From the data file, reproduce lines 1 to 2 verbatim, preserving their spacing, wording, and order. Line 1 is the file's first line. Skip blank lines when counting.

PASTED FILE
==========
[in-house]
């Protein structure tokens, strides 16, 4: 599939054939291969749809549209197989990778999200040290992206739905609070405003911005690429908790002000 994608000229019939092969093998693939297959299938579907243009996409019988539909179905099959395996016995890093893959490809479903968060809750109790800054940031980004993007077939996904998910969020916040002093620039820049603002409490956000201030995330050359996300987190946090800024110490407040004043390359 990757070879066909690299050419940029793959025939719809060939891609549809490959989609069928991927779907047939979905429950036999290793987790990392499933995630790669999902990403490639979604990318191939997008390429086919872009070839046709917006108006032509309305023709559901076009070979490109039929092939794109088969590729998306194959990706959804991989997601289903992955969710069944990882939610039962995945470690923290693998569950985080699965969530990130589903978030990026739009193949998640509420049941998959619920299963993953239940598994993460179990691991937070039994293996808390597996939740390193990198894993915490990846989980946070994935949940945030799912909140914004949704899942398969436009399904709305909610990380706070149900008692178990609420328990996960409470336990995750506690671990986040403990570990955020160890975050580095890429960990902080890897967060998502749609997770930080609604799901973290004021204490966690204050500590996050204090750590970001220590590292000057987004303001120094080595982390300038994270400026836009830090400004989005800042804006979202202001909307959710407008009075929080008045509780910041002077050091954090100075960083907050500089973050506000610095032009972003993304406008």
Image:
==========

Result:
[in-house]
């Protein structure tokens, strides 16, 4: 599939054939291969749809549209197989990778999200040290992206739905609070405003911005690429908790002000 994608000229019939092969093998693939297959299938579907243009996409019988539909179905099959395996016995890093893959490809479903968060809750109790800054940031980004993007077939996904998910969020916040002093620039820049603002409490956000201030995330050359996300987190946090800024110490407040004043390359 990757070879066909690299050419940029793959025939719809060939891609549809490959989609069928991927779907047939979905429950036999290793987790990392499933995630790669999902990403490639979604990318191939997008390429086919872009070839046709917006108006032509309305023709559901076009070979490109039929092939794109088969590729998306194959990706959804991989997601289903992955969710069944990882939610039962995945470690923290693998569950985080699965969530990130589903978030990026739009193949998640509420049941998959619920299963993953239940598994993460179990691991937070039994293996808390597996939740390193990198894993915490990846989980946070994935949940945030799912909140914004949704899942398969436009399904709305909610990380706070149900008692178990609420328990996960409470336990995750506690671990986040403990570990955020160890975050580095890429960990902080890897967060998502749609997770930080609604799901973290004021204490966690204050500590996050204090750590970001220590590292000057987004303001120094080595982390300038994270400026836009830090400004989005800042804006979202202001909307959710407008009075929080008045509780910041002077050091954090100075960083907050500089973050506000610095032009972003993304406008």